Potluck

 

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Two Poems by Eric Silver

 

My body is a bunker, or love in the time of air raid

 

This is where you hide out if the radiation rakes

the ground clean or strangers on the street reveal themselves

as the monsters we have always suspected

they were.

 

In the safe gut of ground and reinforced steel,

no one minds the unswept floor, the mismatched face.

When the bombs pass, when the fighting is over,

you can leave again. There is no use for defense

in the quiet, when there is all this pretty that survives.

You have loved before—breakable boys,

ribcages protruding like an atrocity.

They forget to eat most days and can fit

in tight spaces, which is to say they will survive

through apocalyptic famine.

 

I cannot help my stockpile,

my unwieldy bulk. I am constantly in preparation for the worst,

for what can only end in destruction and crumble. Tomorrow,

this body halo of fat will come in handy. Tomorrow, my weight

will hold the door closed from the incoming zombies,

instead of the worry of crushing you in sleep

tomorrow, instead of rank after three flights of stairs,    I am a spaceheater

                                                                                        in a powerless world.

 

I will rename myself safehouse // even in peacetime, you are welcome.



 

The Subject

 

I.

My girlfriend’s ex-boyfriend

texts her at work, letting her know

he’s writing a play about her. He says

there’s a first draft and everything

and I resist the urge to find him,

read the script without critiquing it,

and smash his forehead into

his refurbished antique mahogany desk

27 times to, you know, get started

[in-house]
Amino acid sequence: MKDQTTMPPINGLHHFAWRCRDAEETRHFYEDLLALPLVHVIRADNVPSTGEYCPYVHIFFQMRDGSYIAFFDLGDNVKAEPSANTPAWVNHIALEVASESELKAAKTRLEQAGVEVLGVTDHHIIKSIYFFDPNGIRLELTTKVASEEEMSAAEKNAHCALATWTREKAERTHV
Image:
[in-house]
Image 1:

on that everything. “NO ONE IS ALLOWED

TO WRITE ABOUT HER BUT ME,” I roar,

a Hulk who composes his own script.

                       Smash.                         28 times.

 

II.

What I Wrote About During My 16 Month Relationship

Instead Of The Girl I Was With At The Time

-       Jews

-       My body

-       Erie, Pennsylvania; the rust that collects in that larynx

-       a girl in high school with copper wire hair

-       how she never loved me back

-       my mom, sharpshooter

-       my dad, saloon-style doors

-       twin brother and I, mismatched socks paired out of cold feet

-       my body, again

-       how she complains about me not writing about her

-       the swift catch of ice on windshield

-       what I imagine playing a banjo would be like

-       whiskey and the dirt

 

III.

I always thought it would be the highest honor

if anyone ever thought to write about me.

I have spent so many ink stains and wrist cramps

demonstrating my adoration for what no one else would:

my widening stomach, the timber of my great-grandfather’s truck.

As if I deserved that treatment, broken down and reconstructed

with gold lacquering the cracks, an understanding that the work

is more beautiful when broken. I want to be read like a map,

chartered through, a topography of me to be explored. I stretch

in all cardinal directions, and a finger pushes my flesh.

There. I want to go there.

 

 

 

Eric Silver is a poet from New York City by way of the suburbs. He loves muffins, high tops, and pairing cardigans with anything. He is a terible speller.